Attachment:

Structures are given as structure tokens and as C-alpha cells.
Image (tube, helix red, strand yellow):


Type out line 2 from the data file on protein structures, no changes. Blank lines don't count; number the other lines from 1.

Image (tube, helix red, strand yellow):